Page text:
I refer to obesity as an epidemic because the percentage of obese adults has doubled in the past 40 years — and childhood obesity is increasing even more rapidly. Again according to the NIH, “obesity is associated with over 112,000 excess deaths due to cardiovascular disease, over 15,000 excess deaths due to cancer, and over 35,000 excess deaths due to non-cancer, non-cardiovascular disease causes per year.”

On average, health-care costs for obese persons are 42 percent higher than costs for individuals whose weight falls into the “normal” range. It costs Medicare $1,723 more a year for an obese beneficiary than a non-obese one. For Medicaid the differential is $1,021, and for private insurers it’s $1,140. In other words, obesity is helping propel the rise in health-care costs, which are fueling the long-term rise in the national debt.

My intention is not to blame Christie for the federal government’s deficit spending — or, in fact, to blame him for his own obesity. Blame is not the point. Christie is just 49 and has four young children; politics aside, I’m sure he wants to be around to share the milestones in their lives. He prides himself on bullheaded determination and speaks often about the need for officials to display leadership. Well, Gov. Christie, lead thyself.

“I weigh too much because I eat too much,” he said after his hospitalization this summer, “and I eat some bad things, too.”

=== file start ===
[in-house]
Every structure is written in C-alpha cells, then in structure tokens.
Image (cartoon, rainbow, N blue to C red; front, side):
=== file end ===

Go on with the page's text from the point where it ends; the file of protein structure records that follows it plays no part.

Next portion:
If only it were that simple. Yes, the basic arithmetic of calories ingested vs. calories expended is inescapable. But the science of weight control now takes into account the role that genetics might play, along with psychological factors that lie outside our conscious control. There are new options, including gastric surgery, beyond the dieting roller coaster — lose 40 pounds, gain it all back — that Christie says he has been riding for years.

Those who have lost weight and kept it off for extended periods, including former Arkansas governor Mike Huckabee, say they have succeeded by making proper diet and exercise part of their lives — not just unpleasant chores that have to be endured.

Politically, I disagree with Christie on almost everything. I’ll have plenty of opportunities to tell him why. Today, I’d just like to offer him a bit of unsolicited, nonpartisan, sincere advice: Eat a salad and take a walk.

 

By: Eugene Robinson, Opinion Writer, The Washington Post, September 29, 2011

September 30, 2011 Posted by | Medicaid, Medicare, Public Health | , , , , , , , | Leave a comment

Recall Elections Enhance Democracy: Wisconsinites Are Holding Their Elected Officials Accountable

It’s true that the recall election was never intended to replace our representative form of government, and it’s most certainly not a tool to be used lightly. However, when elected officials subvert the will of those they represent, enacting a radical agenda that seeks to concentrate power in the hands of the very few and jeopardizing the livelihoods of the people they are supposed to protect, the exercise of the constitutionally guaranteed right to force a recall election is a just and proper tool to hold those elected officials accountable for their actions.